Tuesday, July 29, 2008

Shrimp Burrito Bowl

Try my Chicken Burrito Bowl with shrimp! It's great! Just take about half a pound of raw, deveined and peeled shrimp, and cut them into bite size pieces (or keep them whole if you prefer). Use the marinade that was meant for the chicken and put it on the shrimp instead.

Cook the shrimp by stir-frying it in a hot pan with about one tablespoon of olive oil. It only takes about 1-2 minutes to cook the shrimp; as soon as the all the shrimp becomes opaque (from grey, to white/pink) it's cooked!

Heat up the black beans in the pan you cooked the shrimp in; the beans will soak up all the flavor that is left in the pan from the shrimp.

Enjoy with pico de gallo, cheese, etc. Basically, anything you like!

Chewy and Rich Chocolate Cookies

I don't think anything beats a cookie that reminds me of my mom's fudge sauce. This cookie recipe, which I got off the back of a package of Baker's Unsweetened Chocolate, just looked like it might be tasty, and I was very pleasantly surprised.

It's also really easy to make. I'd recommend doing it in a mixer if you have one, because the dough gets very stiff at the end, but it's nothing that a little muscle can't handle either.

If you are in need of a chocolate fix, these cookies are certainly for you!

Chocolate Cookies
Makes between 60-70 cookies

4 squares of Baker's unsweetened chocolate
3/4 cup butter
2 cups sugar
3 eggs
1 tsp vanilla
2 1/2 cups flour

Place chocolate and butter into a microwave safe dish. Microwave the chocolate and butter until melted. This will probably take approximately 2 minutes, but depending on the strength of your microwave, might be slightly more or less. It's important not to microwave the chocolate and butter too long; you risk the chance of burning the chocolate. If you are worried about the strength of your microwave, try microwaving just a minute, and then giving the chocolate and butter a stir. When it's almost melted, bring the cooking interval time down to 30 seconds.

Once the chocolate and butter are completely melted, stir until completely blended. Next, mix in the sugar. The mixture will look kind of grainy.

Stir in the eggs and vanilla. I like to lightly beat the eggs before mixing them in so that they blend in well and are not mostly yolk in one place, and white in another.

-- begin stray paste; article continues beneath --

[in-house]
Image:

Finally, stir in the flour. Do this in three or four additions, so that the flour doesn't go everywhere. The dough will feel quite stiff.

If it's not firm and easy to roll, place the dough in the refrigerator for up to an hour.

Preheat the oven to 350 degrees Fahrenheit. Shape the dough into 1 inch balls, and, on to a greased cookie sheet, place approximately 2 inches apart.

Bake for 8 minutes. The cookies should be just set. This will ensure that they stay nice and chewy. Cool the cookies on the sheet for a minute, then remove to a cooling rack.

I ate a couple when they were still warm, and they were soft and chewy and delicious!

Sunday, July 27, 2008

Something Really American: My Grandma's Chili-Mac aka American Chop Suey

Whenever I'd go to my Grandma's house (my Mom's Mom) she'd have something yummy waiting for me. I don't know if everything she made was so delicious because it was inextricably linked to her, or if everything was just that good.

My Grandma did everything in a calm and patient manner, and this carried over into her cooking. Watching her in the kitchen was a pleasure; everything was done with the utmost care and precision.

She's probably the most consistent cook I've ever known. Her dishes were always cooked to perfection. At chef school, the teachers talked about consistency being one of the most important attributes to a good chef's food. Customers come to eat the same dish repeatedly, and expect it to be the same as it was the last time. If you can achieve this as a cook, time and time again, you've accomplished something really great. My Grandma was an expert at this.

At any rate, my Grandma's chili-mac was probably my favorite dish. I used to request her to make it all the time. After she passed away, there was no more chili-mac; she had not left a recipe and I had never learned how to make it. However, there was something in the college dining hall that was almost the same (though not nearly as good as my Grandma's) called American chop suey. So during college, I sort of managed to satisfy the craving.

I have since consulted my mom, and we've tried to replicate the chili-mac recipe, with moderate success. Please try out the recipe below! It's very easy to make.

Grandma's Chili-Mac
Makes 4 servings

1 lb lean ground beef
2 tbsp canola oil